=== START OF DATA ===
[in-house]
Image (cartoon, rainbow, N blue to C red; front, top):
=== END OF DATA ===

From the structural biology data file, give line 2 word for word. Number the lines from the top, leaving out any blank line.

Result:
Image (cartoon, rainbow, N blue to C red; front, top):